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Of all the things you could do to keep your child safe, none is easier or more effective than ensuring that your child always wears their seatbelt. There are around 6 million motor vehicle accidents each year in the United States, and around 1,500 kids under the age of 16 die in car crashes each year, making car accidents the leading cause of accidental death in children over age four.

The Importance of Seatbelts

Seat belts save the lives of passengers big and small every day. According to data from the National Highway Traffic Safety Administration (NHTSA), safety belts saved 15,147 American lives in 2007 alone. (March 2009 Consumer Reports, p. 7) Yet it’s also estimated that this same year, another 5,000 crash deaths would have been prevented if occupants had been wearing their seatbelts. (Copeland, 2009) Fifty-five percent of those killed in passenger vehicles are not buckled up, and government data shows that around 45 million Americans do not use their seatbelts regularly.

Child Seatbelt Use

People are 16 times more likely to be killed in an accident if they are not buckled up. Yet despite this, far too many parents remain lax in enforcing seatbelt use with their kids. Some disturbing studies have found that as many as half of all American children (around 20 million youngsters) do not buckle up regularly or sometimes go without wearing their seatbelt. Consider this in light of the fact that children can and have been killed even in non-collision accidents at speeds as little as 10 or 15 miles per hour, because a parent slammed on the brakes and a child was who was standing was thrown head first into the dashboard. If you were to take a dashboard and swing it at the head of a 250 pound man, it could do serious damage. It easily does the same to a small child.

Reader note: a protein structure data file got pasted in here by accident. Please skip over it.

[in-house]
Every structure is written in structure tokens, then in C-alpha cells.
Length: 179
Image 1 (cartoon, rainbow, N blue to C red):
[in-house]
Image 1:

Seatbelt Safety for Kids
  1. Insist on seatbelt use with your kids, all the time, no exception. If the car is running, they need to be buckled up no matter how far or fast you are going. If a child unbuckles while you’re driving, pull the car over to a safe area and do not get going again until they are buckled up.
  1. Do not let children unbuckle on long trips, even for a little while. This is one of the biggest mistakes safety experts see parents make, and every year it leads to the death of many children who had unbuckled for “just a moment” that happened to be the crucial moment when an accident occurred.
  1. Talk with your kids about the importance of wearing their seatbelt when riding in someone else’s car, even when those people aren’t wearing theirs.
Encouraging Kids to Wear Their Seatbelts
  1. If you want your children to buckle up, set the example yourself. Studies show that children who are raised in households where the adults don’t wear their seatbelts are much more likely not to wear them themselves.
  1. Give children this example about the importance of seatbelt use: If they are not wearing a seatbelt during an accident, even if the car isn’t going very fast, it can be like someone swinging a 2 x 4 at their body. That’s how fast they’ll be thrown into the dashboard or front seat. Or ask them if they would like to ride their bicycle as fast as they could into a wall. Even at low speeds cars can travel much faster than bikes do, and a crash without a seatbelt would be like throwing yourself into a wall.
  1. Read your kids our child safety book: Why Do We Wear Our Seatbelts?
Child Seatbelt Use Facts and Statistics

Seatbelt usage continues to improve each year, but there are still many areas for improvement:

  • Black and Hispanic children continue to have the lowest rates of child restraint use.
  • Grandparents are less likely to properly strap in youngsters with restraints than are parents. (Time, Aug. 8, 2011,)
  • Seatbelt use in the backseat continues to lag about 10% behind seatbelt use in the front seat (Silke-Carly, 2009)
  • Two-thirds of teens involved in nighttime crashes are not wearing their seatbelt (NBC Nightly News, 5-24-09)


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